Marquette’s Historic Wagner Home 229 N. Fourth Street
One of the most noticeable historic homes in Marquette that is not officially in the historic residential neighborhood of Arch and Ridge Streets, although it’s on the corner of West Ridge, is the Wagner home.
This home was built by Honorable George Wagner, who was born in Prussia, Germany in 1834 and came to Marquette in 1854. He served the community in numerous capacities including justice of the peace, township treasurer, and alderman. In the early 1890s, he represented the First District of Marquette County as a member of the Michigan Legislature and introduced the Upper Peninsula Insane Asylum bill. In 1855, as a contractor, he laid the first tram road from the Jackson Mine to the Cleveland Mine. He erected sawmills in Alger County and in 1881, he discovered the Breitung Mine of which he became superintendent. Mr. Wagner was married to Gertrude Dolf in 1869, who was a relative of a relative on the Zryd side of my family. Consequently, my great-grandmother Barbara McCombie White used to visit the Wagner family in the early twentieth century. The last Wagner to own the home was Nettie Wagner, who later went to live with her Dolf family relatives. My distant cousin, Dorothy Dolf Drozdiak remembers when she was a little girl in the 1930s that Nettie Wagner used to toss her pennies from the tower’s windows. Today, the home is divided into apartments.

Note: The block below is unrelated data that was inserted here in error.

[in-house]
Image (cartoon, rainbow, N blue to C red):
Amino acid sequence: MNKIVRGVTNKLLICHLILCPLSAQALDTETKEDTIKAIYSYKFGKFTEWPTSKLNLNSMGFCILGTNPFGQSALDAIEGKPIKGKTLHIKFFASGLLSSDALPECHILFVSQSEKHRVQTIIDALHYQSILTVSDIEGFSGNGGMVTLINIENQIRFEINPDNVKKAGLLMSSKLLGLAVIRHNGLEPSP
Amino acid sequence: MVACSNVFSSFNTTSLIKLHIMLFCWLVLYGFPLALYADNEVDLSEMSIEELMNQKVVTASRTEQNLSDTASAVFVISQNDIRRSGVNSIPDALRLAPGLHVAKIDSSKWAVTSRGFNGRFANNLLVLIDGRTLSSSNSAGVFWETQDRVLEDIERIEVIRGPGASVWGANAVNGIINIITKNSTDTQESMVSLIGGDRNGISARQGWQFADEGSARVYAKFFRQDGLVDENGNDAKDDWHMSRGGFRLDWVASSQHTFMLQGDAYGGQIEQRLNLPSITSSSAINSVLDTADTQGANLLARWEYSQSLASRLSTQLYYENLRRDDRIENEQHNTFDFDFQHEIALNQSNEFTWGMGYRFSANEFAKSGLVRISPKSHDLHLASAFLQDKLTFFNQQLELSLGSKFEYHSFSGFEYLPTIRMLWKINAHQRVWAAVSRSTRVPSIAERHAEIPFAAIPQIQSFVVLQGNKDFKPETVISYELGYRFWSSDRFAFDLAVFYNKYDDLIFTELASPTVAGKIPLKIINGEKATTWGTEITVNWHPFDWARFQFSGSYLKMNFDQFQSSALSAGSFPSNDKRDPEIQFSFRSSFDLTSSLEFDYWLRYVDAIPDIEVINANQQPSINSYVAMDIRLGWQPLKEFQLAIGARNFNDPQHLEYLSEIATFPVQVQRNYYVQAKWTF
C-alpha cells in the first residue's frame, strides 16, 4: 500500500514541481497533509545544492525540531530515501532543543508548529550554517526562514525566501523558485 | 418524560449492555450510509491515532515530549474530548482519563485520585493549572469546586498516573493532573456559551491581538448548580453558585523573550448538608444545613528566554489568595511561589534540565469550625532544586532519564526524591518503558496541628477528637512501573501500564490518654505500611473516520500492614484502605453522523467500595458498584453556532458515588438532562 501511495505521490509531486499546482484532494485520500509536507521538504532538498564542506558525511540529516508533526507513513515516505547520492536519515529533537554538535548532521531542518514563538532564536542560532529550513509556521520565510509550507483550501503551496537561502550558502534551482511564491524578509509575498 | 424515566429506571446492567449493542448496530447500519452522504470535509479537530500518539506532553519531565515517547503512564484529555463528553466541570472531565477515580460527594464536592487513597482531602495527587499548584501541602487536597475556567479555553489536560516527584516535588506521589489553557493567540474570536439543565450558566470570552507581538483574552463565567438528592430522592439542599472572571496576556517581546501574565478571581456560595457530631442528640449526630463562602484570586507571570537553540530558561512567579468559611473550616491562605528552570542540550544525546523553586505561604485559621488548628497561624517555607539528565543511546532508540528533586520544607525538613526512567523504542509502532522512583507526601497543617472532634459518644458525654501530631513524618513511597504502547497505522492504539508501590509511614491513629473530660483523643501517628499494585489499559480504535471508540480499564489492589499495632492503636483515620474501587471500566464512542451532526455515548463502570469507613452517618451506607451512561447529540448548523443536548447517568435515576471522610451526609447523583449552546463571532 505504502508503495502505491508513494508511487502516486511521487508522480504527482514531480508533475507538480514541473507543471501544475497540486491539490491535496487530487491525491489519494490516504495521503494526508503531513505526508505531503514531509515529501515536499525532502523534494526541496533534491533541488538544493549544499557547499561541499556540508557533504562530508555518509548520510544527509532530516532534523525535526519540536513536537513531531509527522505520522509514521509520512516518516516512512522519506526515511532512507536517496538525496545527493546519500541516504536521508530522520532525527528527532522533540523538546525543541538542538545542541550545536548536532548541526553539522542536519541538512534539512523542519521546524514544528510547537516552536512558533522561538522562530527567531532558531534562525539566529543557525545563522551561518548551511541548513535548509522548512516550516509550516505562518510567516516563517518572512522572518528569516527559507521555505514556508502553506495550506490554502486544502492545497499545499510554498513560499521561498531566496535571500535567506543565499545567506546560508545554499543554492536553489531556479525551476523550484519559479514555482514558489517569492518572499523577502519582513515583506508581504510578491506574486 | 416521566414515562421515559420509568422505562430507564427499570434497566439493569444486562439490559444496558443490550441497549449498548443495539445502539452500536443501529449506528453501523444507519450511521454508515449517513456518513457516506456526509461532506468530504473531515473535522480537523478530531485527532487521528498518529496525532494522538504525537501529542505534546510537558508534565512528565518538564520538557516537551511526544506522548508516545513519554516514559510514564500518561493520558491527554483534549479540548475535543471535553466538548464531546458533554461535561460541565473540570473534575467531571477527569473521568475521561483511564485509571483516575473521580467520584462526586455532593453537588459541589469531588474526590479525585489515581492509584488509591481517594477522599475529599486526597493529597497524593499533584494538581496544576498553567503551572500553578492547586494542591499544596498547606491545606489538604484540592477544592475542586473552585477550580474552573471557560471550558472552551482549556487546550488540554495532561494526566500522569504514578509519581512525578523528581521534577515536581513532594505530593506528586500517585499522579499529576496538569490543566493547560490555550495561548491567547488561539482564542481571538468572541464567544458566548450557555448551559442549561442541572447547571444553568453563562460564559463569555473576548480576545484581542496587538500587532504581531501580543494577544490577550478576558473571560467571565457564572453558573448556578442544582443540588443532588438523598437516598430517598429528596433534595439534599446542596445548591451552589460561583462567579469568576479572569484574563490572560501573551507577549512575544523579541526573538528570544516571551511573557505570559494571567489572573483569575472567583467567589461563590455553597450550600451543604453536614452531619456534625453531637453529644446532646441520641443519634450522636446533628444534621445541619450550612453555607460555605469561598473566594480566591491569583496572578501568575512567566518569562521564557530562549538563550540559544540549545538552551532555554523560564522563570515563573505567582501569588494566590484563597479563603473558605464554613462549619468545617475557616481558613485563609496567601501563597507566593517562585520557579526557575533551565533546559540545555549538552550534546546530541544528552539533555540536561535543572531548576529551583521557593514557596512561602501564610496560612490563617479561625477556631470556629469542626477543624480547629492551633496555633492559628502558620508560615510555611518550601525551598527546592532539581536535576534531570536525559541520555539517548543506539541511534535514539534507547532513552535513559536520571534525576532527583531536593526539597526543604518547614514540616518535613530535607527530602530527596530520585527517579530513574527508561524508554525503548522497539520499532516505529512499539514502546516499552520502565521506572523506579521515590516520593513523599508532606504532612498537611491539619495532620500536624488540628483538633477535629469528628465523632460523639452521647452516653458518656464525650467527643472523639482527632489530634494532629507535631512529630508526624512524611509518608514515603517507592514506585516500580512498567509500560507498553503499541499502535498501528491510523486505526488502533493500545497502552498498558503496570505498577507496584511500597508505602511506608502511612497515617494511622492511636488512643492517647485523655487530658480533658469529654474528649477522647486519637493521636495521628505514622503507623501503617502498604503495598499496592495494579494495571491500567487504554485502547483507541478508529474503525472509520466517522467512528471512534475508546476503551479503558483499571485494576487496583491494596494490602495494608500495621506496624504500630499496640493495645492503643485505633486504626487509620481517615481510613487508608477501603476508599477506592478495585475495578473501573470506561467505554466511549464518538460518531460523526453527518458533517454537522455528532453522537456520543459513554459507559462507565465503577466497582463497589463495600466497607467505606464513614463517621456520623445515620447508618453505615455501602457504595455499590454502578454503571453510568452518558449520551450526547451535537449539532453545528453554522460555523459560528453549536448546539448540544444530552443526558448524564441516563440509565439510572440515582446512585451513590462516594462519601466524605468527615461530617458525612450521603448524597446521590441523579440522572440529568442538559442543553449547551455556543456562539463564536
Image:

Discover more of Marquette’s historic homes in My Marquette at www.MarquetteFiction.com
Tags: Alger County, Arch and Ridge Street, Breitung Mine, Cleveland Mine, Gertrude Dolf, Historic Homes, Honorable George Wagner, Jackson Mine, marquette fiction, Marquette Michigan, Michigan Legislature, my marquette, Nettie Wagner, Prussia, Upper Peninsula Insane Asylum, Zryd familyYou can comment below, or link to this permanent URL from your own site.